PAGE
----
There are an estimated 450,000 Christians in Iran, out of a population of 77.2 million. Having grown up in Muslim families before converting to Christianity as young adults, Maryam Rostampour and Marziyeh Amirizadeh met at theological college in Turkey in 2005. Deciding to work together, they returned to Iran and began sharing their faith. They knew they were putting their lives on the line. Islamic laws in Iran forbid anyone from sharing their Christian beliefs, but in three years, Maryam and Marziyeh covertly put New Testaments into the hands of 20,000 of their countrymen and started two secret house churches.
In 2009, the two friends were arrested in Tehran for promoting Christianity. The official charges against them were apostasy, anti-government activity, and blasphemy, for which they were sentenced to execution by hanging. Maryam and Marziyeh would go on to spend 259 days in Evin Prison, one of the world’s most notorious jails. In that time, their physical condition deteriorated and initially, they suffered verbal abuse from the guards. They were interrogated and denied the use of public taps for drinking water and basins to wash themselves. The women lived in a world where prisoners could be executed with little notice. It was six months before they were allowed access to a lawyer.
Supporters around the world prayed for their release and writing campaigns resulted in hundreds of letters being delivered to the prison. The impact was palpable – as time went on, prisoners and guards inside Evin Prison began to ask Maryam and Marziyeh to pray for them, too. Released in 2009, they now live in the United States and have written a book about their remarkable true story; Captive in Iran. They continue to highlight the issue of Christian persecution in Iran and will visit Australia this June and July for Open Doors. The Australian Prayer Network is joining with Open Doors in Australia in promoting their visit to Australia. For more details and meetings near you, visit www.opendoors.org.au
Western Australia’s 2014 Walk and Rally for Life was held in Perth this week calling for an end to abortion in the state. Event organisers said around 700 people participated in the event which began at Kings Park. They then processed behind banners proclaiming “You, me, all of us are just grown up embryos” and “Abortion stops a beating heart: No one deserves abortion” to Parliament House where they were greeted by ten prolife members of the Western Australian Parliament. Five of the parliamentarians who came along also spoke on the night. Abortion has been legal in Western Australia since May 1998 and its estimated 134,000 unborn children have died in the sixteen years since it became legal.
It estimated more than 600 babies are aborted each year between the 20 and 34 weeks gestation because of a disability. Several people shared their personal story on the night including Peter Rowley, who has spina bifida, and how he is now caring for his elderly parents. Michelle Pearse read a delightful story from 21-year-old Caroline Crawford who has Down Syndrome and Alan Stevens shared about his two children with Fragile X Syndrome. The organisers also collected over 500 signatures on an open letter to Premier Colin Barnett calling for greater protection for the unborn in WA.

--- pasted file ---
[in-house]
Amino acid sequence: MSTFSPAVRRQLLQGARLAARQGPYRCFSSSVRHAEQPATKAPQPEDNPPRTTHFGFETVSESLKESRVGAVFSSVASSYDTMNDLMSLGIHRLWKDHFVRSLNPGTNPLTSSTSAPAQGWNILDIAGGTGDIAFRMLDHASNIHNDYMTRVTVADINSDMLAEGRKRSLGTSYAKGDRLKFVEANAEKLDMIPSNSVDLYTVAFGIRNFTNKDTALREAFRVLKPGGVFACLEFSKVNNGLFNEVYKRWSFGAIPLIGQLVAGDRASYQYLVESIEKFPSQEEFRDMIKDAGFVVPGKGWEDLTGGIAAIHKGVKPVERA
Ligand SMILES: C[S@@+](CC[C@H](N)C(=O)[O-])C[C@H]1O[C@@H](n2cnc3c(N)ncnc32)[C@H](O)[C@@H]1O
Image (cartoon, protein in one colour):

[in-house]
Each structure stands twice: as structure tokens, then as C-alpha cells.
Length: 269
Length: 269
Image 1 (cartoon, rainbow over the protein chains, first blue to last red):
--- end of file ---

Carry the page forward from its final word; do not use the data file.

The 2014 Walk and Rally for Life was organised by the Coalition for the Defence of Human Life. The parliamentarians present included Hon Nick Goiran MLC, Member for South Metropolitan; Hon Michelle Roberts MLA, Member for Midland, Dr Graham Jacobs MLA, Member for Eyre, Margaret Quirk MLA, Member for Girrawheen, Peter Abetz MLA, Member for Southern River, Hon Kate Doust MLA, Member for South Metropolitan, Bill Johnson MLA, Member for Cannington, Glenys Godfrey MLA, Member for Belmont, Tony Krsticevic MLA, Member for Carine and Frank Alban MLA, Member for Swan Hills. Senator elect Joe Bullock was also present.
Nearly five months ago, former Hillsong Church worship pastor Darlene Zschech announced that she had breast cancer and would undergo chemotherapy. Now the popular singer and songwriter is thanking prayer warriors for their efforts during the battle. Zschech announced she has officially finished her last round of chemo and says hallelujah is the best word to describe how she feels about it. The battle isn’t over. She has now started radiation which will last six weeks. “I shall be glowing from the inside out,” she quips. “And then that’s it. Never again.” Zschech again thanks her fans for continued prayers.
“Even though I unashamedly begged for God to heal me before treatment, He said to me that as I walked through the period of treatment He would never leave me. On the days where I have felt I cannot do it anymore, I literally have felt the strength of people praying for me,” Darlene wrote on her blog. “The power of the Holy Spirit to comfort and strengthen has been beyond what I have ever experienced before. Again, I am so thankful for every one of you.”